Cisco hits London for annual live event

The technology giant used iconic London theming to inspire delegates as its annual Cisco Live Europe event moved to the capital.

Cisco Live moves to London this year
Cisco Live moves to London this year

Client: Cisco
Event: Cisco Live Europe 2011
Group size: 5,800
Agency: George P Johnson and Active Events
Date: 31 January-3 February 2011
Venue: ICC London Excel
Budget: Undisclosed

Pre-event planning

Global technology firm Cisco holds five annual live events around the world - in the US, Europe, Australia, Middle East and Central America.

After three years of holding Cisco Live in Barcelona, the company struck a deal with the new ICC London Excel to host the event for the next two years. The new venue was announced during ICC London's official launch in June 2010, but planning had already been underway for several months for the event to be held from 31 January to 3 February 2011.

Following an RFP process at the end of 2008, George P Johnson was re-appointed to produce Cisco Live 2011 for the eighth year running. Active Events was appointed to carry out delegate registration.

More than 4,000 delegates had attended the event in 2010, and Cisco and George P Johnson had to be prepared for an uplift in numbers this year.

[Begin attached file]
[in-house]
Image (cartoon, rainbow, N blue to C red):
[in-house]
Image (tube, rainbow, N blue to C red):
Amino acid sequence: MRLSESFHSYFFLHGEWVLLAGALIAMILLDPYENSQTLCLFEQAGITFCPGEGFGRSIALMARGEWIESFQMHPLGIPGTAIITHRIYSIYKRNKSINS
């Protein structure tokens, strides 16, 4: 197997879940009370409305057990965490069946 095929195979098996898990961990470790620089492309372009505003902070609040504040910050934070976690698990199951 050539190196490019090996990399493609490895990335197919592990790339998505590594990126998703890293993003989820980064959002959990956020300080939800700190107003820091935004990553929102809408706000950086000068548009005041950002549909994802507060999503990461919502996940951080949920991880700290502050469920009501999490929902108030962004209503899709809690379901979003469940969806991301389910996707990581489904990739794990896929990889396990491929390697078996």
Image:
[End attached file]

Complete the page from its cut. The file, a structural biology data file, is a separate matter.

"This is my most important event of the year," said Cisco chief executive John Chambers during his keynote speech on 1 February. He added it was a chance to "listen and share where we want to go".

In addition to sharing Cisco's business vision with delegates who include customers and 1,000 of the company's staff, the event is a chance for networking, training and for technology providers to showcase new products in the World of Solutions exhibition area.

The event has previously been known as Networkers, and 2011 also marked the transition to using the brand Cisco Live for the first time at the meetings in London, Melbourne and Bahrain. Cisco's group manager for event marketing Europe Gerd De Bruycker explains: "We are expanding the target audience to go up the chain from system engineers to IT managers and developers."

He adds that the main aims of the event are "technical training, thought leadership and networking".

As well as the four-day event - which included keynote speeches from Chambers and oceanographer Dr Robert Ballard, more than 200 break-out sessions, and a "Meet the Engineer" programme - Cisco also planned an awards event for 150 people at The Langham, London, as well as a series of dinners hosted by its business leaders from across Europe.


Cisco's project manager for Cisco Live James Bedford says one of the greatest challenges was that delegates were able to "literally turn up on site to register to attend".

"We knew when we went on site we were hitting a large number of delegates and that continued to grow, as day passes were also available," he says.

De Bruycker adds: "It is a trend in the industry that people register later and later and that brings specific challenges to all of us in the event-planning business. It makes it hard to plan."

An increase of 40 per cent brought delegate numbers from 4,200 in 2010 to 5,800 this year, meaning the venue needed to be able to cope. Meanwhile, the combination of celebrating the 20th anniversary of the Cisco Live Europe event and its first outing in London meant there needed to be an atmosphere of excitement to the conference.

Cisco also wanted delegates to experience a real sense of being in the UK's capital while at the event, so needed to come up with ideas that would create a tangible theme throughout Cisco Live.